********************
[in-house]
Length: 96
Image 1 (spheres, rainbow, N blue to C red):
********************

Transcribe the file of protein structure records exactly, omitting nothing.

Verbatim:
[in-house]
Length: 96
Image 1 (spheres, rainbow, N blue to C red):